The dim red star Proxima Centauri, 4.2 lightyears from Earth, is known to have an EarthPlus-planet in the star’s habitable zone. Now a second planet has been detected, but this one is 5.8 times the mass of our planet and orbits its star only once every five years. Unfortunately, it’s also too far from the cool star to be warm enough for liquid water. So, it’s not habitable – at least for us.
Which leads to a proposal to send 1,000 tiny spacecraft – really just a computer chip attached to a solar sail driven by ground-based lasers with 100 gigawatts of power to drive them along. The idea is that the tiny chips, with so little mass, could be driven up to 15-20% of the speed of light, making the 4.2 light year trip in just 20-30 years. Initial funding of $100 million comes from Russian Yuri Milner, backed by Mark Zuckerberg and Stephen Hawking.
–When totaling up all the matter in the universe, cosmologists believe that about 80% of the mass of the universe is completely unseen dark matter, 21% is dark energy and just 4% is all the actual matter of the universe. According to all the mass of the universe that can be accounted for, the universe’s rate of expansion, left over after the universe’s inflation period, should indicate a gradual decrease in that expansion rate – the expansion should be slowing. But it isn’t. In fact, it’s accelerating!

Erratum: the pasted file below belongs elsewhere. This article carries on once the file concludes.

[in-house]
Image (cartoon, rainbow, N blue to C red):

To compensate, cosmologists have introduced the concept of dark energy – an unseen and undetectable force that seems to be pushing clusters of galaxies apart. If the expansion push is totaled up across the universe, the result accounts for the rate of expansion now seen in the universe. Now the basic premise behind dark energy, the unseen force that seems to be driving the universe’s increasing expansion rate, has a serious flaw related to how distance around the universe is determined.
If that discrepancy cannot be resolved, it may be that dark energy isn’t a piece of the cosmic puzzle at all.
The new observations haven’t been widely accepted and the results have to be tested by other research teams. Stay tuned.
The Moon and Mars are visible early this week in the 6:15 – 6:30 a.m. window in the East. Jupiter is now very low in the east at 6:30 a.m. Yes, that’s Venus in the south-west after sunset. It’ll be there for a few months, getting brighter and higher.